KTVT first established a news department in the 1970s while it was still an independent station, airing a half-hour local newscast at noon and a 15-minute newscast at 10:00 p.m. – airing as an intermission within its late primetime movie – each weekday. On August 20, 1990, KTVT launched half-hour primetime newscasts at 7:00 and 9:00 p.m. each weeknight, the latter being the first newscast in the 9:00 timeslot to be offered by a commercial television station in the Metroplex (predating KDFW's addition of its own late evening newscast in that slot when it switched from CBS to Fox in July 1995, and the formation of KDAF's news department with the debut of its own 9:00 p.m. newscast in 1999; PBS member station KERA-TV (channel 13) previously carried a 9:00 p.m. newscast from 1970 to 1976); the 7:00 p.m. newscast was cancelled in 1992, leaving only the 9:00 broadcast, which was expanded to one hour. At the time of KDFW's switch to Fox, KTVT was the only non-Big Three station in the Metroplex with a functioning news department—a major reason CBS approached Gaylord for an affiliation.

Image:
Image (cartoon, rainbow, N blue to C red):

After becoming a CBS affiliate on July 1, 1995, KTVT debuted an hour-long weekday morning newscast at 6:00 a.m. and a half-hour early evening newscast at 6:00 p.m., while the 9:00 p.m. newscast was moved to 10:00 p.m.; weekend evening newscasts were also added (its former 9:00 p.m. newscast ran only on Monday through Friday nights). During its first few years as a CBS affiliate, KTVT used the "11 on Eleven" title for its 10:00 p.m. newscast (as did Seattle sister station KSTW, which used a modified 11 at 11 branding on its 11:00 p.m. newscast), used to emphasize that the day's top headlines and the first weather forecast would be aired in the first 11 minutes of the newscast, before the first commercial break.